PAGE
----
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Amazonian myths and legends about ayahuasca


The daily life of the native Amazonian indigenous peoples is built on a very particular cosmogony, in which human life is closely interrelated with nature.

In several Amazonian cultures, such as the Shuar, in the Ecuadorian Amazon, there is a vital and vitalizing force called arutam , which is present everywhere: in the human being, in nature, giving meaning to the trinity cosmo-earth-human being.

These cosmovisions are expressed in legends, which are transmitted orally from generation to generation, involving plants, animals, water, earth, fire, wind, in a continuous relationship with human beings. For some unwritten peoples, the cosmos is a progressive event that has man at the center, as if he were the navel of the world (Wong-Robles, Arbeiza-Gonzales 2010), relating him to the elements of his environment, the fauna, the flora, the waters.

When man sees an animal as a replica of himself, it is a belief that is inscribed in the animalismWhen spirits take on the appearance of animals or it is recognized that animals or plants or elements of nature have souls, it is referred to as animism.

In many Amazonian cultures, such as the awajún In many Amazonian cultures, such as the Awajún, oral memories recount the exploits of great characters creating figures of gigantic or extraordinary dimensions to leave a lasting imprint of their way of imagining the world. This is the case with cultures of oral tradition.

The oral word has a great strength in these cultures, especially in the narration of their myths, to be able to relate to the sacred and what has value to face the worries of existence.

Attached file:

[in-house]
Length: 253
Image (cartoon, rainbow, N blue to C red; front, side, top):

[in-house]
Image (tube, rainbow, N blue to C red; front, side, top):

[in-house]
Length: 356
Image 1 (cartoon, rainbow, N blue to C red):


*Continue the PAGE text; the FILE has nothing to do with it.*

Primary and secondary orality

Sukhov (1968) distinguishes between primary orality and secondary orality. The memory of primary orality is used by unwritten cultures, while secondary orality is used by cultures with writing, and that have had degrees of development as it happens with the evolution of communication systems.

Primary orality is transmitted by word of mouth from one generation to the next, and is characterized by its own syntax, global knowledge and transmits its wisdom through the accumulation of ancestral knowledge.

In these oral transmissions, through legends, certain animals frequently appear, such as the jaguar, the boa and the anaconda, the bat, the pink dolphin, or plants such as ayahuasca, guayusa or coca, which are master or sacred plants.

Myths about ayahuasca

Ayahuasca, yajé or yagé, for example, appears directly or indirectly in the myth.

Directly in several legends, of which we will present only one, shared by the Desano and Tukano peoples, both Amazonian peoples residing on the banks of the Vaupés, or Uaupés, and Negro rivers, which are located on the borders between Colombia and Brazil.

The Desano and Tukano groups are related, and correspond to patrilineal and exogamous groups. They share a common mythology in which water and the anaconda play a key role in their conception of the world, and the sun is the father creator of all things (energy, water, air and earth).

The yagé and the anaconda in the Amazonian myth of the origin of the universe.

In the creation myth of the Desano, at the beginning of time the Anaconda-canoa ascended the rivers to establish humanity and distribute it on Earth.

The yagé woman left the maloca and became pregnant, giving birth to the yagé wine in the form of a child, who cut her umbilical cord (Reichel-Dolmatoff 1975).

A sacred plant that helps solve a crime

Ayahuasca also appears indirectly in some legends.

The Awajún or Aguaruna live along the border between Peru and Ecuador, in the upper Ucayali area, touching Peruvian regions such as Loreto and Madre de Dios.

One of the animals that plays a very important role in their founding myths is the bat.

Legend has it that there was a giant bat named Aetsetseu who lived in the jungle. He killed people and cut off their heads, but people didn’t know who killed them.

To find out, they used a sacred plant, in order to acquire supernatural forces to discover the murderer. Under its effects, they found the “cutter” of the heads to be Aetsetseu (Wong-Robles, Arbaiza-Gonzales 2010).

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